Pervs may have been sexually abused

Psychiatrists urge schools to conduct psychoanalysis of prospective teachers

Pervs may have been sexually abused

As more and more small children face sexual abuse in schools, especially by their teachers or instructors, psychiatrists say institutions should conduct a through psychological analysis of the candidates before recruiting them.

Men indulging in such heinous crimes are likely to have psychological problems or personality disorder.

According to Dr B Kapur, senior consultant psychiatrist at Lake Side and Columbia Asia hospitals, such people are extremely coward and suffer from psychological disorder.

Fearing consequences, they do not lay their hands on adults, but make children victims of their manly frustrations because they know that children cannot vocally express themselves. They get full control over children and hide their weakness. Thus, psychological profiling of teachers while recruiting them is one solution, apart from police verification and background check. 

Kapur concedes that schools would find it an expensive affair to psychologically analyse the candidates. But it is still plausible and even if a remote sign of abnormality is noticed, the person should not be recruited, he says.

Dr B R Madhukar, consultant psychiatrist, St Martha’s Hospital, says it has been observed that nobody indulges in such acts suddenly.

The person would show similar signs earlier, like touching children inappropriately, talking in a bad manner or showing obscene material.

Following such cases, complaints should be registered and the person concerned should be removed from school.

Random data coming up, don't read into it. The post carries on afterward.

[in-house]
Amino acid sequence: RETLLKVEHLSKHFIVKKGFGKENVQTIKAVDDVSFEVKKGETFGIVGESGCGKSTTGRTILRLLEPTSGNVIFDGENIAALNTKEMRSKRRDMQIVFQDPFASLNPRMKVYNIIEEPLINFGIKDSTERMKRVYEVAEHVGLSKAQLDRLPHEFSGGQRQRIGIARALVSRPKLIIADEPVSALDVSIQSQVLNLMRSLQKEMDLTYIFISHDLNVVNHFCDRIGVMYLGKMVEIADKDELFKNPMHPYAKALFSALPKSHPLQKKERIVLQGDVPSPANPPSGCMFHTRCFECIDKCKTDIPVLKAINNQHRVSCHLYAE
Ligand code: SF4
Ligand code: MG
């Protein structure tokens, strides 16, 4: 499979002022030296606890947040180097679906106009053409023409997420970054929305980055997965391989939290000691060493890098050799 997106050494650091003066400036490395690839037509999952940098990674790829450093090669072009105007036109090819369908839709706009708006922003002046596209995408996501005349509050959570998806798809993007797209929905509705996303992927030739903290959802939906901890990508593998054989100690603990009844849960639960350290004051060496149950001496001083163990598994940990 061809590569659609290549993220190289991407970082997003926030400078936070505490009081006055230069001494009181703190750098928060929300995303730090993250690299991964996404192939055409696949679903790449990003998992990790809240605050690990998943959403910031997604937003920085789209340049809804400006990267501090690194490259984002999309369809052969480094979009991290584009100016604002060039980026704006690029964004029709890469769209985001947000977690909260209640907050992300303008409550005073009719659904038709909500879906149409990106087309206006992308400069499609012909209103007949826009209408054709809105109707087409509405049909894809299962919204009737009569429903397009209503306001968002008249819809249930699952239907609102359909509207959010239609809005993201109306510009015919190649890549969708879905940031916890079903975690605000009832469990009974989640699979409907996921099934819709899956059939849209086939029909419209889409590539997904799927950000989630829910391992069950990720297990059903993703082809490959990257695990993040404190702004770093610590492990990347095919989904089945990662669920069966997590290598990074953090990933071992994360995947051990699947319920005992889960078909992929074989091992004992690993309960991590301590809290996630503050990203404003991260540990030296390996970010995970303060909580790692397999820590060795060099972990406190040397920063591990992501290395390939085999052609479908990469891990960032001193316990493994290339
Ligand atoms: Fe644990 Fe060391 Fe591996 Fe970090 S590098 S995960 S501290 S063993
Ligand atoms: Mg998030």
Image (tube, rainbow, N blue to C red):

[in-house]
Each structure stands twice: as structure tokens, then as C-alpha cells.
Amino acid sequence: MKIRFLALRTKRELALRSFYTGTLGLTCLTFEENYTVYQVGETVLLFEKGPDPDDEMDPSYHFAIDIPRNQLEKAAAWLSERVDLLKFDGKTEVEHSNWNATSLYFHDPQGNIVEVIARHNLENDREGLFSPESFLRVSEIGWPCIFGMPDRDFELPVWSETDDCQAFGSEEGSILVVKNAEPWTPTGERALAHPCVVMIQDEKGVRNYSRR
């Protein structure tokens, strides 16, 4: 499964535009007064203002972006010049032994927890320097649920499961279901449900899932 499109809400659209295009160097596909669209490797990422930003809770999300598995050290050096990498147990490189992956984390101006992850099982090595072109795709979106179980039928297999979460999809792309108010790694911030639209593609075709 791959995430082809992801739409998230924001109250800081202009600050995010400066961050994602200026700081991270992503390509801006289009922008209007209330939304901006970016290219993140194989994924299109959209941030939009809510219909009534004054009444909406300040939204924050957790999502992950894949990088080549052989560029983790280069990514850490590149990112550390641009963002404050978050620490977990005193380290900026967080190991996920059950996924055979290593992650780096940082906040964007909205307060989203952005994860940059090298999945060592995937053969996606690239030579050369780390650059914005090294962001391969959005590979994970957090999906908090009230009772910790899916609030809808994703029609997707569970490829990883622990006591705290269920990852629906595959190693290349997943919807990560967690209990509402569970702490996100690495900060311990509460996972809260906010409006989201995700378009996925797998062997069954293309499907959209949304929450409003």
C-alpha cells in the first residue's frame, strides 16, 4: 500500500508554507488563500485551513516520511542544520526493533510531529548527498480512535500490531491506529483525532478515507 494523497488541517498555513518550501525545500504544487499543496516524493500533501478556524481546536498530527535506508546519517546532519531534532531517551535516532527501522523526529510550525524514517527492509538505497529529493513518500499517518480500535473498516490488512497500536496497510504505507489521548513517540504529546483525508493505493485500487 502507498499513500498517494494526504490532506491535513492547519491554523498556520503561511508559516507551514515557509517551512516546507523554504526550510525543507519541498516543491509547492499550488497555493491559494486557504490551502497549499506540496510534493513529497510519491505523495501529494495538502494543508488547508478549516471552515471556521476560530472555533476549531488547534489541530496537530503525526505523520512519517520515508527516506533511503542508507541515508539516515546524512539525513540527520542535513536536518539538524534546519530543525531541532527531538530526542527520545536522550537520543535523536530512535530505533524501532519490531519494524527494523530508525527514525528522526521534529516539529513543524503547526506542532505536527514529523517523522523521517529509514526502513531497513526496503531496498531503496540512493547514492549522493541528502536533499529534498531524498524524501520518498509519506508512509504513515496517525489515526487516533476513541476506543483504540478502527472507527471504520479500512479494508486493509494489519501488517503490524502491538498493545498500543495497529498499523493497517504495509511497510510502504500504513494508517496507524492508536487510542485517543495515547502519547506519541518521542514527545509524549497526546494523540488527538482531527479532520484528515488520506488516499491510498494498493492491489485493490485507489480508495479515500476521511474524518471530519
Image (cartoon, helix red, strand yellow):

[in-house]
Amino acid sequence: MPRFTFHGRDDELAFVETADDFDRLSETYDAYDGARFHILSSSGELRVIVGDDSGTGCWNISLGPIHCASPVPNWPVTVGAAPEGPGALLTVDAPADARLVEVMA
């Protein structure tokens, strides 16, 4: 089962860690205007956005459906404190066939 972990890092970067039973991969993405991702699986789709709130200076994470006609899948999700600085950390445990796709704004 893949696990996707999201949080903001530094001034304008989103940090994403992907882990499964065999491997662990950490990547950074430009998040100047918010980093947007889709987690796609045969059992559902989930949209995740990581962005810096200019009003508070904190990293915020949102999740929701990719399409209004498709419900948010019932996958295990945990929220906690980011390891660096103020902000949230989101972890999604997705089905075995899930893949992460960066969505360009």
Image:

Schools, during background verification, should not hide such details or else such people would become more confident, Madhukar added.

The method of teaching has also changed. Earlier, the teacher-student ratio was 1:40 or less, but now it has improved to 1:25 or even 1:10. One way, this is good because it helps children get confidence and improve their performance. But it also makes them more vulnerable.

Taking revenge

Another reason why people indulge in such crimes, according to Madhukar, is because they have been victimised in their childhood and now look at children to take revenge. Thus, apart from psychological analysis, legal system should be strengthened.

Fear of law is stronger than societal fear. Fast-track courts should be set up and no leniency should be shown to the culprits. Such people should be given severe punishment, because if a single person is punished, other prospective culprits will mellow down, fearing similar consequences.

Dr P Satish Chandra, director, National Institute of Mental Health and Neurosciences (Nimhans), says such cases occur because many people now watch pornographic material on smartphones which are so cheaply available.

In the past, children would move in groups, but now they explore unknown places independently and fall victim to such perverts. Besides conducting psychiatric check on teachers, children should be taught good and bad touch at an early age, Dr Chandra added.

No single-line answer

But in the opinion of Dr Shyamala Vatsa, psychiatrist at Hosmat and Sagar hospitals, there is no single-line answer why men commit such crimes.

“It is a complex issue. You cannot usually know that something wrong is going to happen before a man commits such a crime, thus there is no point in psychological lectures because it is not lack of knowledge making men rape. And these incidents have been happening but never reached general public in the past,” the doctor added.
DH News Service

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